[Python-ideas] for/else syntax

Yuvgoog Greenle ubershmekel at gmail.com
Sat Oct 3 05:43:02 CEST 2009

*snip* *snip*
On Fri, Oct 2, 2009 at 6:23 PM, Steven D'Aprano <steve at pearwood.info> wrote:
> On Sat, 3 Oct 2009 01:42:48 am Yuvgoog Greenle wrote:
>> The for...else construct that has no "break" appears to do something,
>> yet does nothing.
> Nonsense.

*snip* *snip*

On Fri, Oct 2, 2009 at 6:23 PM, Steven D'Aprano <steve at pearwood.info> wrote:
>> try:
>>     z = math.sqrt(x / y)
>> except ZeroDivisionError, ValueError:
>>     print("Math error, try again")
> Irrelevant. We're not talking about the syntax of the except statement.
> Why would confusing syntax there convince me that a *completely
> different* statement was also confusing? That's like saying, "If you
> don't agree that chocolate tastes terrible, have a taste of this
> cow-vomit. Terrible, right? So now we agree, chocolate tastes
> terrible."

You present 2 claims so I present 2 answers, please don't mix the two up:
1. Does "for...else" do what it appears to be doing?
2. Does python allow syntax that's likely to cause confusion or mistakes?

A summary of the long answers that follow:
1. In certain cases, no it doesn't. In a few cases showcased here -
comments are the only way to make the code readable.
2. Python doesn't impose silly syntax limitations, but it can and has
deprecated a "legal" syntax if a more readable, not misleading,
alternative can be found/created/used.

1. Does "for...else" do what it appears to be doing?

This is subjective matter so of course we can agree to disagree. Let
me entertain you Steven.

First of all I suggest reading through this thread and looking for
code examples with for..else that were refuted, retracted,
misunderstood or wrong. I can count at least 3-4 instances from here
(Carl noted Gerald's but there were others as well). This isn't
python-noobs either, it's python-ideas. These are good pythonistas
that were mislead by the for..else syntax.

Secondly, I recommend anybody interested to go ahead and try "The
Question Challenge". I'll rephrase it a bit to accommodate Steven's

Ask a person who knows python the following questions:
Question #1: Do you know what happens when an "else" appears after a "for" loop?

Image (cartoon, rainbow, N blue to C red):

if they answer yes then say never mind.
    otherwise: continue to question #2.
Question #2: When does the code in the "else" block execute? Of course
you don't know so it's ok to guess.
    If they answer "when a break didn't occur", I'm willing to give
you, the asker, up to 100 lines of patch code in whatever python
project you want.
    If they answer "only when the for loop didn't run or was an empty
list" then you don't owe me anything.

To remove any doubt you can ask the follow up question "So either the
for loop block runs or the else block runs, but in no way both?"

If you want to have some good conversation, tell them what python
really does with that "else".

Please don't misinterpret this Question Challenge as an attack on
Python. I love Python and I have no other language. At least no other
language I enjoy using :)

2. Does python allow syntax that's likely to cause confusion or mistakes?

Short answer - preferably no. It's an issue of practicality vs purity
etc. Also, python tries not to have silly limitations.

> Steven D'Aprano Wrote
> I disagree that it makes sense. Why raise a SyntaxWarning for legal
> code? Shall we raise SyntaxWarning for the following as well?
> #1
> pass
> pass

It would be a silly limitation to not allow:


It would be a silly limitation because there's nothing wrong with
"pass-pass". Concerning our specific discussion - "pass-pass" isn't
likely to cause any confusion or mistakes.

So what's a "syntax that's likely to cause confusion or mistakes"?

For example, the old python 2 exception instance catcher:
    # code
except Exception, e:
    # code

Sounds ok, but now check out:

    # code
except ExceptionClassA, ExceptionClassB:
    # handle errors of both exception types

That usage of the syntax is wrong because ExceptionClassB wouldn't be
caught and the exception instance would be named ExceptionClassB. This
appears to do one thing (catch A and catch B), yet does something
completely different (catch only A as B). Python 3 FTFY with "as". So
the same code in the new syntax would be:

    # code
except ExceptionClassA as ExceptionClassB:
    # handle errors of both exception types.

The fact that ExceptionClassB is an instance is much more obvious and
making mistakes is harder. So yeah, python tries to avoid syntax that
may cause mistakes, in other words, the python syntax strives to be as
expressive as reasonably possible.

Note a few things please:
1. The python 2 syntax was legal
2. For python 3 it was declared an illegal syntax.
3. It was very easy to learn the correct python 2 syntax and not make
mistakes but still it was fixed for py3k.
4. Doing crazy things that made no sense became a lot harder. I know
I'm happy for that.

I hope it's clearer how this example is relevant to "for..else" now.
The point is if the "except" syntax can change from 2to3 to make it
more readable and exact, so can the for..else syntax change from 3to4.
Changing for..else would be done for very similar reasons.

And don't get me wrong, I like nipples, chocolate and cow vomit as
much as the next guy. It's just I would really love to discuss if
and/or how this problem can be resolved.

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